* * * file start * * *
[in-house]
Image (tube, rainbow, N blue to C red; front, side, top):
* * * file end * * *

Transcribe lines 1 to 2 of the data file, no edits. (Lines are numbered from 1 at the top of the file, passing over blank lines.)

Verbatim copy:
[in-house]
Image (tube, rainbow, N blue to C red; front, side, top):